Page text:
I just had the impression that they were trying to dissuade me from the very first point of contact. I guess I will have to contact the lenders and ask their opinion.

Are you a surveyor or builder? If not your judgement is worthless. My friend bought one of these nightmares with cash he borrowed from his parents. Nice and cheap...2 yrs later and he still has not moved in. Underpinning alone is costing him 35K. Auctions are full of these disasters.

Seek professional advice...

Edited by Pluto

Share this post


Link to post
Share on other sites

Unless you're a surveyor you might not know, I don't mean that in a patronising way, us lot on on here could look at the property and think it looks ok, but a structural engineer engineer may take a different view, some box ticking surveyors may not strain themselves either.

Is there a history of coal mining in the area?

Just one question. BuyingBear. Do you really look like Brad Pitt with a cup of tea?

Share this post


Link to post
Share on other sites

The property might be unmortagable but I believe some lenders will still lend money based on what the land is worth. So in most cases this is more than what the house is worth.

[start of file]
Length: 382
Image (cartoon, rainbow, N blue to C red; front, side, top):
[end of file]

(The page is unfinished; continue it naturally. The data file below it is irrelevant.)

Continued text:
Share this post


Link to post
Share on other sites

Alot of houses built after the war, known as pre-fabs, are unmortgable. This is because they were built to last 20, 30, 40 years (?) and should of been demolished. But no one did. Therefore a mortgage company won't lend any money on it as it could fall down.

Prescott wants to build some more of them as part of his 'marginalising low earners' project. :rolleyes: Needless to say mortgage companies have expressed concerns as to the mortgageability of them due to their relatively fragile constructon.

Share this post


Link to post
Share on other sites

Are you a surveyor or builder? If not your judgement is worthless. My friend bought one of these nightmares with cash he borrowed from his parents. Nice and cheap...2 yrs later and he still has not moved in. Underpinning alone is costing him 35K. Auctions are full of these disasters.

Seek professional advice...

Fair comment. I come from a family of professional builders (but still cannot afford to buy land to build, with the current ridiculous prices). They have seen the house externally and have information on the property. They cannot see any real reason for this house to be unmortgagable.

Share this post


Link to post
Share on other sites